The Impressions were the crucial link in the evolution of black popular music from the ebullient sexuality of Fifties rhythm & blues and doo-wop’s raw choral passion to me sophisticated grooves, celebratory vocal intensity and poetic dignity of classic Sixties soul. With earthy, immaculate harmonies, stylish, swinging arrangements and an uncommonly gifted singer-songwriter in Curtis Mayfield, the legendary Chicago group produced a rich body of work – including classic hits like “Gypsy Woman,” “Keep On Pushing” and “People Get Ready” – that revolutionized rock & roll and eloquently articulated the fierce pride and embattled but invincible spirit at the heart of the civil-rights struggle.
Curtis Mayfield and Jerry Butler were childhood friends living on the west side of Chicago – and already veterans of the gospel touring circuit – when they put together the Impressions’ original five-man lineup in 1957 with Sam Gooden and Richard and Arthur Brooks. A year later the young quintet blew out of the Windy City and into the Top Forty with “For Your Precious Love,” a masterpiece of dramatic R&B melancholia, distinguished by the haunting juxtaposition of Butler’s noble, pleading baritone, the loamy dignity of the group’s harmonies and Mayfield’s distant, tremulous tenor.
Sudden success was nearly the group’s undoing. Butler left the group in 1959 to pursue a solo career, and the Impressions went into limbo while Mayfield concentrated on songwriting and production. Ironically, he scored his first big hit with his old band mate Jerry Butler, co-writing and playing on the latter’s 1960 smash “He Will Break Your Heart.” With renewed confidence, Mayfield reconvened the Impressions – with Fred Cash replacing Butler – and quickly hit pay dirt, in 1961, with “Gypsy Woman,” a soulful marriage of hypnotic flamenco rhythm and dreamy sensuality evoked by Mayfield’s floating falsetto.
The Brooks brothers left the group soon after, reducing the Impressions to the classic trio of Mayfield, Cash and Gooden. Their string of mid-Sixties chart successes – which included such lustrous soul jewels as “It’s All Right,” “You Must Believe Me” and “I’m So Proud” – rivaled that of the Motown hit factory. Indeed, Mayfield had his own Berry Gordy-style assembly line going at the same time, producing and writing hits for Jan Bradley (“Mama Didn’t Lie”), Major Lance (“The Monkey Time,” “Um, Um, Um, Um, Um, Um”) and Gene Chandler (“Man’s Temptation,” “Just Be True”). In 1968, Mayfield started his own record label, Curtom, which became home not only to the Impressions and Mayfield’s assorted studio protégés but also to Mayfield himself, who finally went solo in 1970.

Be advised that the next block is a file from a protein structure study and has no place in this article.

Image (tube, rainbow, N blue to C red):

Both Mayfield and Butler continued to make pop history, as well as hit records, as solo artists. In late 1967, Butler hooked up with the songwriting and production team of Kenny Gamble and Leon Huff. Together, on hits like “Hey, Western Union Man,” “Never Give You Up” and “Only the Strong Survive,” they laid the foundation for the stirring orchestral-soul sound that later became the trademark of Gamble and Huff’s Philadelphia International label. Mayfield fell under the spell of electric R&B shamans like Jimi Hendrix and Sly Stone and created his own brand of mantric protest funk, epitomized by his million-selling 1972 album Superfly. Mayfield was still actively recording and performing until last August, when he was hospitalized following a freak accident during an outdoor show in Brooklyn.
Thirty-three years after “For Your Precious Love,” the Impressions continue to be a major influence on popular music. Their sound and vision, and that of Mayfield’s and Butler’s solo work, can still be heard – in rap, contemporary-soul balladry and the incipient school of black rock.